The study is the largest of its kind and the first to use a combination of satellite temperature data and long-term ground measurements.
    
For the study funded by NASA and the National Science Foundation in US, 235 lakes, representing more than half of the world's freshwater supply, were monitored for at least 25 years.
    
The study found that lakes are warming at an average of 0.34 degrees Celsius each decade. That is greater than the warming rate of either the ocean or the atmosphere and can have profound effects, researchers said.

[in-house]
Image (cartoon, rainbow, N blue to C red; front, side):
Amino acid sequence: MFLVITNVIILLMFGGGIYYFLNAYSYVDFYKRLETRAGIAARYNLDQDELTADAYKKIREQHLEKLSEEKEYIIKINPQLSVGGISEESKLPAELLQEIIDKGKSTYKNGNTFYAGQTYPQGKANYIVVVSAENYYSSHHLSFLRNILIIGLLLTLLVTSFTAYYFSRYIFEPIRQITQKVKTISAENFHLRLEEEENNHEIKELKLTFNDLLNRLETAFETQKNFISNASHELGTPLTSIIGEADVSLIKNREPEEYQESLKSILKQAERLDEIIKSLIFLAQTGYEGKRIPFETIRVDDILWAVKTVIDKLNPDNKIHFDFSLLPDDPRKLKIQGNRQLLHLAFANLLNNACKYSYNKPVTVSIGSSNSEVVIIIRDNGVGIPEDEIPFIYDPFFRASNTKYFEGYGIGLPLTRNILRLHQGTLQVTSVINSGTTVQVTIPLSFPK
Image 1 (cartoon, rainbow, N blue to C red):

The temperature of water influences a host of its other properties critical to the health and viability of ecosystems.

When temperature swings quickly and widely from the norm, life forms in a lake can change dramatically and even disappear.

The researchers said various climate factors are associated with the warming trend. In northern climates, lakes are losing their ice cover earlier, and many areas of the world have less cloud cover, exposing their waters more to the sun's warming rays.
    
The findings were published in the journal Geophysical Research Letters.

 

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